Teen skating phenom on track for stardom

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Teen skating phenom on track for stardom

Shocks reverberated around the National Training Center in Nowon, Seoul last Monday as the results of the first 1,000-meter long-track preliminary race flashed across the scoreboard. And for good reason.

Kim Hyun-young, a 16-year-old speed-skater from Seohyun High School, beat Vancouver Winter Olympic gold medalist Lee Sang-hwa with a time of 1:20.13 at the National Sprint Speed Skating Championships. Kim finished 0.12 seconds faster than Lee.

“Sang-hwa was the overwhelming favorite coming into the race and she was furious with herself with the result,” said a Korean Skating Union official. “Lee was so mad that she threw her skates in the locker room.”

The following day, a more focused Lee would clock in at 1:19.78 in the second preliminary race, finishing ahead of Kim’s 1:20.06. Kim placed second, but still improved her time from the previous day by 0.07 seconds.

After putting up the best numbers of her young career, Kim has earned the right to compete for Korea at the World Sprint Speed Skating Championships in Heerenveen, Netherlands next month.

“Sang-hwa’s specialty is the 500-meter event and I could tell she was not in her top physical condition that day,” said Kim, when asked about her win over the Olympic champion. “I can’t really say that I beat her.

“However, my parents were really happy with the result. My mom cried and my father offered to buy me anything that I wanted. He actually bought me a smartphone. I know I’m still young, but I want to someday compete against Sang-hwa when she’s at her best and come out on top.”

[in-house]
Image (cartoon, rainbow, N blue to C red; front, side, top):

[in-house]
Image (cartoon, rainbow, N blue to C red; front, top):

Kim got her start in speed skating in the sixth grade. She was always athletic, taking up kendo, taekwondo, and swimming as a youngster. She entered speed skating when her uncle, Oh Hui-wan, a former national hockey team player, took Kim to a local rink.

“My uncle said because I was a good in-line skater, I should give speed skating a try,” she said. “It was fun and I’ve been skating ever since. At first, I had no intention of skating competitively, but I steadily improved as time progressed.”

The 2010 Vancouver Olympics was a historic event for Korea when Lee, Mo Tae-bum and Lee Seung-hoon became the country’s first gold medalists in long-track. The sport received a lot of attention during and after the games.

“I noticed a lot of things while watching the Winter Games in Vancouver,” said Kim. “The public went wild once our skaters started winning gold medals. I was envious of Sang-hwa, Tae-bum and Seung-hoon. I wanted to be the center of public attention like them.”

Kim is currently in Harbin, China competing in the Asia regional competition for a spot in the 2011 ISU World All-around Speed Skating Championships in Calgary, Canada. The confident Kim has her eyes set on making her way to Calgary in February with solid results in Harbin.

“I will showcase my abilities to earn good results at this regional event [in Harbin], so that I can shock the world with good results,” said Kim.

By On Nu-ri [jason@joongang.co.kr]
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